Photographer spots pod of orcas off the coast of Shetland

‘I had been hoping to see the Orca for about nine years in Shetland, but never got lucky until that day. It was one of the best wildlife spectacles I’d witnessed and I’ve seen a few things now.’

This is the moment a photographer's nine-year long dream of capturing the elusive Orca whale on camera finally came true.

Norman Watson, 48, spotted the pod of Orca while on a mackerel fishing trip with his son.

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He decided to make the visit to Shetland, where his son Sebastian lives, after six-months of social isolation when he heard an Orca had been spotted near Meal Beach.

Norman Watson, 48, spotted the pod of Orca while on a mackerel fishing trip with his son.

Norman, a draughtsman and amateur photographer, from Aberdeen, said: “I was visiting my son Sebastian after the lockdown was eased. It had been six months since I saw him last!

“I heard that Orca had been spotted heading north on the west side of Shetland so took my chances and headed there as it’s close to where my son lives.

"One of his friend's fathers, Andrew Brown, had arranged to take us out on his boat to do some mackerel fishing and the Orca were passing at just the right time.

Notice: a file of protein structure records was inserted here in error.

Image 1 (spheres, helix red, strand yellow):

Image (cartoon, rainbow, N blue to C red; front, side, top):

"They were hunting seals, which was apparent when we came across them. They were trying to scare the seals off the rocks.

“I had been hoping to see the Orca for about nine years in Shetland, but never got lucky until that day. It was one of the best wildlife spectacles I’d witnessed and I’ve seen a few things now.

“Orca are one of the oceans largest predators and are so intelligent. There are records of them hunting great white sharks, so they are true apex predators.

"Also no humans have been killed by wild whales, where in captivity, it’s happened on a few occasions. Top mammal.”

Shetland and Orkney are usually popular spots in the UK for whale watching.

Pods of up to 150 orca whales are usually spotted from the Orkney Isles several times every year.

To increase your chances of a sighting, the best time to visit is between May and September, although the whales are present all year round.

Further north, you may be lucky enough to see killer whales on Shetland between May and August, when they come inshore to hunt seals.

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